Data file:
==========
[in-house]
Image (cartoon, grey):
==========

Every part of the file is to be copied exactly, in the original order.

[in-house]
Image (cartoon, grey):